Books by Christine King Farris

BIOGRAPHY
Released: Sept. 1, 2008

Farris, the sister of Martin Luther King Jr., offers her own singular perspective on the historic March on Washington and her brother's memorable "I Have a Dream" speech. More oral history than a strictly fact-based narrative, Farris's voice and that of her famous brother come through free, loud and clear. The impact is both inspiring and affecting. The book's ingenious design allows for double-duty: Each block of text includes one sentence that is set off in large, bold uppercase letters. These phrases (e.g.: "THE SEA OF MARCHERS PARTED FOR MARTIN AND HIS FRIENDS") facilitate easy group sharing while helping less confident readers manage the book on their own. Ladd, a talented figure painter and first-time picture-book illustrator, offers his own fresh and affecting take on these now familiar events; his images expand and enliven the well-known facts and ably expand on Farris's powerful family story. This is an essential addition to family, church, school and public-library collections. (Informational picture book. 7-12)Read full book review >
BIOGRAPHY
Released: Jan. 1, 2003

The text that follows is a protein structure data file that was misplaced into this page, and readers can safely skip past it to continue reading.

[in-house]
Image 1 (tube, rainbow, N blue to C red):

In the years since his death, too many biographers of Martin Luther King Jr. have made him so much larger than life that to the current generation of children he has become more of an idealized heroic icon than a real person. By sharing her memories of their childhood, Farris has opened a window to show Martin as a small boy in a loving extended family, a sometime prankster, protected for a while from the harsh reality of racism. When that reality became impossible to ignore, he and his brother and sister have the example of the strong faith, the encouragement, and the strength of their parents to guide them. Young Martin promises his mother that he will be an agent for change, that he will one day "turn this world upside down." Farris tells the story simply and gently, remembering Martin as her little brother and as the man who indeed turned the world upside down. Soenpiet's (Dear Santa, Please Come to the 19th Floor, p. 1628, etc.) watercolors are both meticulous in their detail and beautifully expressive of the family's emotions. Farris's afterword, graced by childhood photos of Martin, further explains her need to share these memories. A poem by Mildred D Johnson, written in 1968, is included as a reminder that all children have the potential for greatness. A very welcome addition to the King story. (illustrator note) (Picture book/biography. 6-10)Read full book review >